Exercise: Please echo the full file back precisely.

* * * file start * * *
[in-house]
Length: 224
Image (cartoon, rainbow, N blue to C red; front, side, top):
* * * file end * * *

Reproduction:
[in-house]
Length: 224
Image (cartoon, rainbow, N blue to C red; front, side, top):